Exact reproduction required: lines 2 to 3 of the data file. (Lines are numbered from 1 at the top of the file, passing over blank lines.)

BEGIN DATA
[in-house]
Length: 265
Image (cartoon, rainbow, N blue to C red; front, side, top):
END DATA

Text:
Length: 265
Image (cartoon, rainbow, N blue to C red; front, side, top):